We are collecting authors'profile. As soon as we get, we update it. Please note this is not official profile. The information including photo is collected from web.
| Contact |
| twitter |
| Linkedin |
...And hopefully convinced some of you to look beyond the criticism and at the facts in what we think is a very important public health debate. This week, we attempt to “diagnose” the challenges facing the industry, debunk some of them and even attempt a “prescription” of potential solutions. Critics cite the doctor-pharma nexus as one of the biggest challenges in the industry. It’s hard to make a case in favour of any anti-patient and anti-competitive nexus. But it is also unfair to tar the entire community of medical professionals with the same brush. Were we to ask the honest professionals in the industry a simple question: Why do you prescribe the brands you do, the answers will include: a) I trust this company to have good manufacturing practices and good quality control. b) I trust the chemistry capabilities of this company as they seem to have a complete portfolio of products. ...Live Mint on Aug. 30, 2017, 12:31 a.m.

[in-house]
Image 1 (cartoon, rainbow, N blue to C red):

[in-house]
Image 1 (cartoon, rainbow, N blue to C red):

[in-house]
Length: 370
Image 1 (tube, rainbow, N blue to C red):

...Lofty comparisons are made between India and Germany and the US with little acknowledgment of the realities of India. We believe that these arguments are built on emotions rather than facts—making them very social-media friendly—but maybe not reflecting reality. This is an important public health discussion and it is worthwhile deconstructing the world of branded generics. Why did India choose a branded generic path? A quick snapshot of history reveals three reasons. The main rationale was to ensure plentiful availability of simple and complex drugs at an affordable price. The Hobson’s choice was between fostering innovation (a product patent regime that would translate into product monopolies) and affordability, and the country plumped—in our view rightfully so—for the latter. ...Live Mint on Aug. 22, 2017, 11:36 p.m.